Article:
The Heroes of the Wild West, Complete In Five Leather Bound Volumes.
Easton Press, Norwalk CT. 1992 "Heroes Of The Wild West" Leather Bound collector's editions. A complete and matching set of five volumes. Full genuine leather. Each book includes illustrations with frontispiece in color, uniform brown leather bindings, and embossed oval portrait on the front hardcovers. Very Fine without any flaws. Photos of actual collection.
List of titles included in this shipment:
1. BUFFALO BILL: King of the Old West, Biography of William I. Cody (Pony Express Rider, Buffalo Hunter, Plains Scout and Guide, Master Showman), by Elizabeth Jane Leonard and Julia Cody Goodman, edited by James Williams Hoffman
2. DANIEL BOONE: The Life and Adventures, by Michael A Lofaro
3. DAVY CROCKETT: The Man and the Legend, by James Atkins Shackford, edited by John B Shackford
4. WILD BILL: The Called Him, The Life and Adventures of James Butler Hickok, by Joseph G Rosa
5. KIT CARSON: "Dear Old Kit", The Historical Christopher Carson, with a new edition of the Carson memoirs, by Harvey Lewis Carter
About Buffalo Bill
William Frederick "Buffalo Bill" Cody (February 26, 1846 – January 10, 1917) was an American scout, bison hunter, and showman. He was born in the Iowa Territory (now the U.S. state of Iowa) in Le Claire but he grew up for several years in his father's hometown in Canada before his family moved to the Kansas Territory.
Buffalo Bill started working at the age of eleven after his father's death, and became a rider for the Pony Express at age 14. During the American Civil War, he served for the Union from 1863 to the end of the war in 1865. Later he served as a civilian scout to the US Army during the Indian Wars, receiving the Medal of Honor in 1872.
One of the most colorful figures of the American Old West, Buffalo Bill started performing in shows that displayed cowboy themes and episodes from the frontier and Indian Wars. He founded his Buffalo Bill's Wild West in 1883, taking his large company on tours throughout the United States and, beginning in 1887, in Great Britain and Europe.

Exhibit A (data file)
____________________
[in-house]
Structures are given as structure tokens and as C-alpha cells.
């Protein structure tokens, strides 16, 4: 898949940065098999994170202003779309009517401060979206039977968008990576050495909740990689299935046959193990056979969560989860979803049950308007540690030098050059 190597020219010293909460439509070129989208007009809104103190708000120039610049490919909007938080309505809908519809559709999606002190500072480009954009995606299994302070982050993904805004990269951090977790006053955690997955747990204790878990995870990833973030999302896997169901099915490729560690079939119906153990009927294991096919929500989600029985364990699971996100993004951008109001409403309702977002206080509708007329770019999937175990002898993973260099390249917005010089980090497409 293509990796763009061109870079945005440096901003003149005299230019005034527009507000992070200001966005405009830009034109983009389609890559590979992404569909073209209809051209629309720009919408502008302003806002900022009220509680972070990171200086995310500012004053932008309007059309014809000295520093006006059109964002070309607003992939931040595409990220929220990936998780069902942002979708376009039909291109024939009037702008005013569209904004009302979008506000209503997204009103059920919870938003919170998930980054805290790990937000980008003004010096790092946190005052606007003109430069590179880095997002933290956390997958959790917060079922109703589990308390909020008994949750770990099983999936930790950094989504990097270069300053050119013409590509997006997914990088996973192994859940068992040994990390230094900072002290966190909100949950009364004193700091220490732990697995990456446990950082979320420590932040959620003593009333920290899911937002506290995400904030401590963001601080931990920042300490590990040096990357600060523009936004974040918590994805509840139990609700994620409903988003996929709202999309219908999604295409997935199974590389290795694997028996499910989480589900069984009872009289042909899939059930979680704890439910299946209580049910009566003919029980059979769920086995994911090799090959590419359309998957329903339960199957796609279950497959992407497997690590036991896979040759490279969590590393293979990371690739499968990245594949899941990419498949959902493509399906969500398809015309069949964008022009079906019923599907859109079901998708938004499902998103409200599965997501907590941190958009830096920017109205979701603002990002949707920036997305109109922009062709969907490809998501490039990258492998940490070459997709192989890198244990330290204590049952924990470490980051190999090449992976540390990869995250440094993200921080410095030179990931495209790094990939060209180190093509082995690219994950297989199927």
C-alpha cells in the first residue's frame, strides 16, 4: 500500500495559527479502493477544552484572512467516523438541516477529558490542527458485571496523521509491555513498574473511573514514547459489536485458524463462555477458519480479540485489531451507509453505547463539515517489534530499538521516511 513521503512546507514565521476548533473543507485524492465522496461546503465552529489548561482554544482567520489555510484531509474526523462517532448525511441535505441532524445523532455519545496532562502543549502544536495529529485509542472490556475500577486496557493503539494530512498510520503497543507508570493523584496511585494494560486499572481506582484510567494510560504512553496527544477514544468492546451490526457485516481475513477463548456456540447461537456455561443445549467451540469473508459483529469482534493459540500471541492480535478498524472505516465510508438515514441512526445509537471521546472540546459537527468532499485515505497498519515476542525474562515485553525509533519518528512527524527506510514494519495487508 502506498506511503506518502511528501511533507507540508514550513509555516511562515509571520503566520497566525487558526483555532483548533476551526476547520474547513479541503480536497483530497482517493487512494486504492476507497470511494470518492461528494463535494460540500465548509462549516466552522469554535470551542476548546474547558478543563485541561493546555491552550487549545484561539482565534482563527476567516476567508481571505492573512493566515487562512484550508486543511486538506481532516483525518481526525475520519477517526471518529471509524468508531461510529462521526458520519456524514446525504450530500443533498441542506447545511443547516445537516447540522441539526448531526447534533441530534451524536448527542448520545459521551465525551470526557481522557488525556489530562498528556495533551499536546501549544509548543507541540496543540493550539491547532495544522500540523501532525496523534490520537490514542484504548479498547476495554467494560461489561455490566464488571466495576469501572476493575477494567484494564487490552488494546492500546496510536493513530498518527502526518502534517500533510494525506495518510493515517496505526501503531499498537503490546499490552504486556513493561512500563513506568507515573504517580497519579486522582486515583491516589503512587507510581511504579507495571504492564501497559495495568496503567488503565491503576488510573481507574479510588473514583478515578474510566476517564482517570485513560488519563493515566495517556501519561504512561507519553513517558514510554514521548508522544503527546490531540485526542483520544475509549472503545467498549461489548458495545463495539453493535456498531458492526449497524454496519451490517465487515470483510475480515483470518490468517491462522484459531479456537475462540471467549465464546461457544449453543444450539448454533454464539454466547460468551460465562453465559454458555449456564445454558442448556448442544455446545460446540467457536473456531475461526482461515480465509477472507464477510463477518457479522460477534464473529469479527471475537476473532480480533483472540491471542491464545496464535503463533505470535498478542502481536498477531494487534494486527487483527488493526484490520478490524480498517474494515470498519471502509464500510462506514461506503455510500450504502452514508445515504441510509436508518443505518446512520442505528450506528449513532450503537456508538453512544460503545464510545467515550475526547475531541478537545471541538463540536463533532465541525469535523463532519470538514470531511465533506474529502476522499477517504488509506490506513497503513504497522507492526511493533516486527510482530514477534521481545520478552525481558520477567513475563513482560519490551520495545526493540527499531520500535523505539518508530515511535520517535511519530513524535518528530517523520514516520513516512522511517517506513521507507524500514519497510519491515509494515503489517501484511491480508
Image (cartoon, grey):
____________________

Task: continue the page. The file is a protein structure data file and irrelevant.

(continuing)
About Daniel Boone
Daniel Boone (November 2, 1734 [O.S. October 22] – September 26, 1820) was an American pioneer, explorer, woodsman, and frontiersman, whose frontier exploits made him one of the first folk heroes of the United States. Boone is most famous for his exploration and settlement of what is now Kentucky, which was then part of Virginia, but on the other side of the mountains from the settled areas. As a young adult, Boone supplemented his farm income by hunting and trapping game, and selling their pelts in the fur market. Through this occupational interest, Boone first learned the easy routes to the area. Despite some resistance from American Indian tribes such as the Shawnee, in 1775, Boone blazed his Wilderness Road through the Cumberland Gap in the Appalachian Mountains from North Carolina and Tennessee into Kentucky. There, he founded the village of Boonesborough, Kentucky, one of the first American settlements west of the Appalachians. Before the end of the 18th century, more than 200,000 Americans migrated to Kentucky/Virginia by following the route marked by Boone.
About Davy Crockett
David "Davy" Crockett (August 17, 1786 – March 6, 1836) was a 19th-century American folk hero, frontiersman, soldier, and politician. He is commonly referred to in popular culture by the epithet "King of the Wild Frontier". He represented Tennessee in the U.S. House of Representatives, served in the Texas Revolution, and died at the Battle of the Alamo.